Today, advertisements have turned out to become “an authority in society”. Advertisements tell consumers many things. They show us how to have an image for a model; to but something, use it, and then buy something else to substitute it with. Consumers also learn from advertisements that they can purchase success, happiness and love when buying the goods and services being advertised. So now, advertisements have the responsibility of educating consumers and being part of their family (Gün F.,1999, 53-62). Due to this role that advertisements have developed in our society, ethical examination has emerged.
Understanding of Morals and Ethics
Morals and ethics are similarly alike when it comes to their theory and practice. Ethics refers to the right action and the one which conveys more good, whereas morals specify carrying out these right actions. Going against ethical principles would be indicating “immoral” behavior (Wikipedia Website).
According to William Frankena (1973), ethics are a group of moral principles aimed at improving the safety and welfare of the society. He summarized these principles to “beneficence” – transmitting good and “justice” – being reasonable. Moreover, philosopher Geoffrey Warnock (1971), indicates four standards which that are seem to be suitable for advertising; beneficence, non-malfeasance – no damaging, no dishonesty, and no prejudice (Zinkhan, 1994).
It is the job of advertisers and their agencies to take numerous decisions concerning morals. A way to recognize the ethics of advertising is to categorize the advertising practices, for example subliminal advertising, that have destructive consequences for the public. These practices make it harder for people to choose between the groups of morals. These moral decisions are made easier for consumers when they use ways such as their individual conscience, the strategy of the company, standards of the industry, rules or regulations by the government, and even their own religion. In the United States , the Federal Trade Commission is the main regulatory body that is in charge of investigating topics concerned with justice and equality in advertising (Zinkhan, 1994).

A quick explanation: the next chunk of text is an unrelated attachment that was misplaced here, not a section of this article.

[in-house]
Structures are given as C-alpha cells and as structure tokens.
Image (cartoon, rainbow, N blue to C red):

Ethics in Advertisements
The results of a questionnaire conducted in a report by Hyman et al. which included members of the American Academy of Advertising members show that the vital matters concerned with advertising ethics were as follows: 1) dishonest in advertisements, 2) advertising to the children, 3) advertising of tobacco, 4) advertisements of alcoholic beverages, 5) unconstructive political advertising, 6) ethnic stereotyping, and 7) sexual stereotyping (Zinkhan, 2006).
Throughout the last several years, the concern of management to enhance the ethical quality of the choices made by the business has increased. The question is why have managers let unethical business actions to weaken relations between the consumers, suppliers, and employees? A reason for not allowing ethical principles to act in the decision making of management and marketers is due to the deficiency of the perspective they have of how consumers obtain and why they prefer specific moral values. Nearly everyone believes that a group of moral philosophies must manage the work of marketing decision-makers. Furthermore, the majority of marketers believe that their choice must be done according to right and wrong values (Weaver and Ferrell 1977; Zinkhan 1994).